There’s probably a hundred ways to make mussels in white wine, so why not 101 and use some sun-dried tomatoes!
Mussels are pretty popular in my house. Whether serving as a starter, a component on a buffet, or a quick and humble main dish for supper, these lovely little bivalves are always welcome, and always fun to eat. As seafood goes, they are also quite economical as well!
Any excuse to play with our food
There is no way around it, you just have to play with this food to eat it! My preferred method of eating is using my first perfect mussel as pincers to pull out the meat of the rest! It’s pretty primal, and works as well as anything else. It also means one less fork to wash, especially if you are camping.
A wide variety of options
Moules Marinières, or mussels steamed in white wine, is a classic dish, one that can be varied in many ways. Chose a wine you love to drink and you are half-way there. Whether you use an onion, a leek, or even shallots it is up to you, but you do need a lot of garlic. Don’t worry, it won’t be too much, I promise! Do you like fennel? Add a chopped up half a bulb and half teaspoon of crushed fennel seeds to the mix as well. Some like to add cream or crème fraîche to the pot at the end, but I like it with the clean flavor of the broth as is.
It’s all about the broth!
The sundried tomatoes add a little extra sweet edge to the dish, and the tomato paste rounds everything out. The broth is every bit as wonderful as the mussels, so plan to serve it up as well, with lots of dipping bread to help soak it all up. The addition of the stock as well as the wine is not essential, but turns the simple mussels from a feature into a meal.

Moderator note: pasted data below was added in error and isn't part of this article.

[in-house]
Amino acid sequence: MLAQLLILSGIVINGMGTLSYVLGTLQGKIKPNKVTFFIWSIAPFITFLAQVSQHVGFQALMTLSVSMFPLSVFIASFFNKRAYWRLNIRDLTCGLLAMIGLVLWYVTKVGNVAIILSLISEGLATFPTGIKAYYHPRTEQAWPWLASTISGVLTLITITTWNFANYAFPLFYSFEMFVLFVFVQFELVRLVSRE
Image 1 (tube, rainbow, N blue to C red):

After cleaning the mussels, the rest of this dish goes really quickly, so if you are having company, don’t even think about starting the cooking until your guests arrive and have nibbled on your little appetizers.
Mussels with White Wine and Sun-dried Tomatoes
- 2 lbs. mussels
- 2 tbsp. fruity olive oil
- 1 large leek or sweet onion, small chop
- 6-8 cloves garlic, yes, finely minced
- 2 tbsp. tomato paste
- 3 sprigs of thyme
- 1 large pinch saffron
- 1 bay leaf
- ¼ cup sun-dried tomatoes, finely minced
- 2 cups dry white wine you love to drink
- 2 cups fish or shrimp stock
- Salt and pepper to taste
- 2 tbsp. butter or vegan butter
- Parsley if you have it, chopped
- Crusty bread for dunking
First, clean the mussels. Remove any beard on the side. This is easily done with your fingers or a dry cloth and a good tug. Many mussels will already be cleaned of their beards, but beard or not, give them all a good scrub with a vegetable brush. Check them over and any that are open, tap gently and set aside for a miute. If they close, they are good, if they stay open, discard them. Discard any that are cracked.
Place them in a large bowl and cover with water, a teaspoon of salt, and a couple of tablespoons of corn meal. Let the soak for an hour or so. The mussels will suck in the water with cornmeal and disgorge it, thus cleaning out grit. I’m not sure if this is essential, but it’s how my mother did it with mussels and clams, so I’m sticking with it.
In the meantime, heat a large stockpot over medium high and sauté the onion in the olive oil just until soft, no color here. Add the garlic, tomato paste, and thyme and let this bloom for a minute or so, then toss in the saffron, bay leaf, and sun-dried tomatoes, immediately followed by the white wine and stock. Season, and bring to a boil.